What Is Microcrystalline Cellulose?
Have you ever heard of guinea corn? Well, it’s an annual plant (also known as Sorghum caudatum) and a member of the family of grasses: Gramineae. Microcrystalline cellulose is cultivated from the stem of the Sorghum caudatum plant and is most often used in various human foods. 1
Sorghum caudatum is a rainy-season crop, though it comes from dryer regions in the African and Asian savanna. The plant is especially dense in areas of West Africa and parts of India. In those regions, sorghum is a staple food crop. As such, it usually gets priority over other crops when it comes to finding suitable land and providing labor to harvest it.
Furthermore, sorghum is often used in farming communities to craft beer. The plant’s strong stalk is often utilized for fencing and sometimes for construction. 2
Microcrystalline cellulose is also used in gastrointestinal supplements. 3
History Of Microcrystalline Cellulose
Though it may not be a household name, cellulose has been utilized for thousands of years. Sometimes it’s put to work as a useful material in clothing. Microcrystalline Cellulose was officially “discovered” in 1955 and was commercialized as a way to add fiber to food. 4
Then, in 1964, the FMC corporation introduced its own microcrystalline cellulose product to the pharmaceutical industry to help create direct compression tablets. More than 50 years later, microcrystalline cellulose is still being manufactured all over the world by more than 10 different suppliers. 5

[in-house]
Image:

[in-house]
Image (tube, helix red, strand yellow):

Microcrystalline cellulose is the most common cellulose used in pharmaceutical supplements. Moreover, microcrystalline cellulose can function as an enhancer, a thickener, or as free-flowing agents in solid dosage products. 6
Microcrystalline Cellulose: Top Potential Health Benefits For A Healthy Lifestyle
When it comes to microcrystalline cellulose, the most significant function is the compound’s ability to act as a dry binder and direct compression diluent within different health supplements. A diluent acts as a filler in dietary supplements, increasing the supplement’s weight to ensure content consistency.7†
Microcrystalline cellulose is also what’s known as a carbohydrate polymer. It’s widely used in nutraceutical food products. Supplement makers rely on MCC for its health benefits, such as the potential to help support:
- Gastrointestinal function†
- Healthy cholesterol levels already within a normal range†
- Lipid metabolism health8,9,10†
Which Gundry MD Supplements Include Microcrystalline Cellulose?
Now, not only will you find microcrystalline cellulose put to work in Gundry MD Bio-Complete 3, but there are other Gundry supplements that utilize microcrystalline cellulose. For instance, Citrus Polyphenols and Total Restore also use the ingredient microcrystalline cellulose.
If you want to know where to buy these supplements and read reviews, just click the links above. They will take you to pages with more information about each one of the aforementioned supplements and extensive write-ups on their ingredients. Just make sure to get your doctor’s approval before beginning any new supplement routine.
- 1-2 https://www.ncbi.nlm.nih.gov/pmc/articles/PMC3003160/
- 3 https://pubmed.ncbi.nlm.nih.gov/28606522/
- 4-6 https://www.researchgate.net/publication/328313650_Comprehensive_review_on _cellulose_and_microcrystalline_cellulose_from_agro-industrial_wastes
- 7 https://www.ncbi.nlm.nih.gov/pmc/articles/PMC3003160/
- 8 https://pubmed.ncbi.nlm.nih.gov/28606522/
- 9 https://www.researchgate.net/publication/328313650_Comprehensive_review_on _cellulose_and_microcrystalline_cellulose_from_agro-industrial_wastes
- 10 https://www.ncbi.nlm.nih.gov/pmc/articles/PMC2977047/